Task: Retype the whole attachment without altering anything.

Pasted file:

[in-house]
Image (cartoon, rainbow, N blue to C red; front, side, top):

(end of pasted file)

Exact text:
[in-house]
Image (cartoon, rainbow, N blue to C red; front, side, top):